Symbols In Aboriginal Religion

Essay by PaperNerd ContributorHigh School, 12th grade November 2001

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Traditional symbols are an essential part of much contemporary Aboriginal art. Today I will be outlining the use of symbols in the aboriginal religion and some of there meanings. The symbols or icons used in contemporary Aboriginal paintings are the same as those found on cave paintings and rock engravings that were made tens of thousands of years ago. Aboriginal peoples have long artistic traditions within which they use conventional designs and symbols. Aboriginals don't' have any text, so they are dependant on these symbols for communication, and used this probably even more so then they used speech. These symbols are evident in communities in a number of ways. Through art, such as painting and drawing on bark, caves, sand and ornaments, sculptures and carvings in stone, wood, bone and other plant and animal products and as body art in the form of ornaments, jewellery, headdresses, costume and body painting.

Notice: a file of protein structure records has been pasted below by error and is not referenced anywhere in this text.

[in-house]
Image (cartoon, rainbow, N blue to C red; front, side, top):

In some areas burial poles were painted with symbols relating to the deceased and their family. Through the use of ancestrally inherited designs, artists continue their connections to country. For example, body decoration using ancestral designs is an important part of many ceremonies. In central Australia inherited designs are painted onto the face and body using ochre ground to a paste with water and applied in stripes or circles. Each different tribe and language group had their own symbols, and meanings, as well as stories associated with the symbols. Within a language group particular people would protect the special knowledge and skills needed to translate art symbols and stories into ceremonial objects or paintings. These would be passed on during special ceremonies. Some symbols are used only by men and some symbols only by women. Some basics of these symbols are: (Put up overhead) Concentric circles usually represent campsites...